Born in Bulgaria in 1990, Michael Petrov studied at the Yehudi Menuhin School and with Louise Hopkins at the Guildhall School of Music & Drama, where he is now a Fellow.
In 2013 he was selected for representation by Young Classical Artists Trust (YCAT) and in 2014 won the Gold Medal at the GSMD, following a performance of Shostakovich’s Concerto No. 1 at the Barbican. He went on to win the GSMD Wigmore Hall Prize in 2016.
Over the last two years Michael has appeared as soloist with the Philharmonia, Royal Philharmonic, Bournemouth Symphony, City of London Sinfonia, English Chamber and the Barbican Young Orchestras (conducted by Edward Gardner) performing concertos by Dvořák, Elgar, Haydn, Walton and Shostakovich. Other solo appearances include the Munich Chamber Orchestra and London Mozart Players, and in 2013 he performed Prokofiev’s Sinfonia Concertante at the Barbican conducted by Gianandrea Noseda.
Nominated by the Barbican as ECHO Rising Star during the 2014/15 season Michael gave recitals at 18 major concert halls throughout Europe including the Concertgebouw Amsterdam, Cité de la Musique Paris, Musikverein Vienna, Budapest Palace of Arts, Kölner Philharmonie and the Laeiszhalle Hamburg.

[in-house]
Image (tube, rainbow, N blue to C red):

Other highlights include recitals at Wigmore Hall, Carnegie’s Weill Hall, the Bath International, Peasmarsh and Plush Festivals. He has also taken part in the Kronberg and Los Angeles Cello Festivals. This season Michael returns to Wigmore Hall twice, makes his debut with the CBSO Youth Orchestra, attends open chamber music at IMS Prussia Cove and gives recitals throughout Europe, and in China.
During his studies Michael won numerous prizes and awards including 2nd Prize in the 2012 International Brahms Competition in Austria and 1st Prize in the 2011 International Suggia Competition in Porto which led to the use of Guilhermina Suggia’s Montagnana cello.
A keen chamber musician, Michael is a member of the Trio Isimsiz who won 1st Prize in the 2015 Trondheim Competition and have a busy concert schedule.
Michael is grateful for support from the Hattori Trust and a Karl Motesiczky Scholarship funded by the Marie-Louise von Motesiczky Charitable Trust.
He plays on a J B Vuillaume cello (1846) on generous loan from a private individual.